Our Lady of the White Wood (Dennis Aubrey)


When PJ and I shoot a new church, we’ve done a good amount of research, but we never really know what we will find. The structure may be in good condition or bad, it may feel abandoned or alive. And sometimes we find a church that is just stunningly photographic.

On the day that we visited the Abbaye Notre-Dame de Boquen near the Brittany town of Plénée-Jugon my knee was hurting badly, despite the giant brace that I was wearing. We had shot another church earlier and driven a great deal that day. When we arrived, we could see the church in the middle of the abbey grounds, approachable by an uphill pedestrian road that circled around half the entire property. Because of the pain, I really didn’t feel like trekking up the hill with all of the equipment, but the disappointment on PJ’s face decided me to attempt it. It was a long walk dragging the equipment case (“Baby” for those who remember the naming conventions that PJ has established) and finally ahead I could see the church. I also noticed that it was possible to drive right up to the door and I was a bit cranky about that.

Chancel, Eglise abbatiale Notre-Dame de Boquen, Plénée-Jugon (Côtes-d’Armor) Photo by Dennis Aubrey

Chancel, Eglise abbatiale Notre-Dame de Boquen, Plénée-Jugon (Côtes-d’Armor) Photo by Dennis Aubrey

But the pain and frustration disappeared the moment we walked into the giant Cistercian abbey church Notre-Dame de Boquen. It was simply spectacular in its size and beauty and – a rarity – empty of all visitors (who seemed to be attending a service in the adjacent chapel). We unpacked the gear and spent the next two hours marveling at the place.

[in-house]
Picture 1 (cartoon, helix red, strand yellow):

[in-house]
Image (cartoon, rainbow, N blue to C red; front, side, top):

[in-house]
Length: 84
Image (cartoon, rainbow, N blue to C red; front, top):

Nave, Eglise abbatiale Notre-Dame de Boquen, Plénée-Jugon (Côtes-d'Armor)  Photo by PJ McKey

Nave, Eglise abbatiale Notre-Dame de Boquen, Plénée-Jugon (Côtes-d’Armor) Photo by PJ McKey

Cistercian monks built their monasteries in remote sites that they cleared and cultivated. In Brittany they founded their first abbey at Bégard in 1130. Seven years later Olivier II, the seigneur of Dinan, sent twelve monks from Bégard to found an abbey in a wooded and marshy area in the moors of Led, a few miles kilometers south of the town of Plénée-Jugon. The site was a former Roman camp on a hill about 150 meters high and was called “Boquen,” meaning “white wood”.

Side aisle arcade, Eglise abbatiale Notre-Dame de Boquen, Plénée-Jugon (Côtes-d'Armor)  Photo by PJ McKey

Side aisle arcade, Eglise abbatiale Notre-Dame de Boquen, Plénée-Jugon (Côtes-d’Armor) Photo by PJ McKey

The abbey was christened Notre Dame de Boquen and prospered quickly with the diligent efforts of the monks, the patronage of the seigneurs of nearby Dinan and the local lords who donated a mill and a fishery to help maintain the abbey.

Like many of its sisters, the abbey church was built in primarily a Romanesque style with Gothic elements and features clean, spare lines. The Cistercian perfection of line, form, and volume are the source of the beauty and demonstrate why Notre Dame de Boquen is a classic example of what many consider the most beautiful style in medieval architecture.

South side aisle, Eglise abbatiale Notre-Dame de Boquen, Plénée-Jugon (Côtes-d'Armor)  Photo by PJ McKey

South side aisle, Eglise abbatiale Notre-Dame de Boquen, Plénée-Jugon (Côtes-d’Armor) Photo by PJ McKey

The chancel was rebuilt in the middle of the 15th century – enlarged in the Gothic style. The great window of the east wall looks out to the white woods of Our Lady beyond. This is an altogether engaging and beautiful sight, and morning services at sunrise must have been spectacular.

Chancel, Eglise abbatiale Notre-Dame de Boquen, Plénée-Jugon (Côtes-d'Armor)  Photo by PJ McKey

Chancel, Eglise abbatiale Notre-Dame de Boquen, Plénée-Jugon (Côtes-d’Armor) Photo by PJ McKey

By the 16th century, however, the abbey had experienced a decline and passed into the hands of commendatory abbots who used Boquen simply as a source of revenue. They neglected religious discipline and allowed the church to fall into ruins. At one point they demolished side aisles in order to avoid the costs of repair. The vaults collapsed and by the 18th century, the Notre Dame de Boquen was in ruins. During the extensive restorations begun in 1953, wooden vaults replaced the original stone vaulting.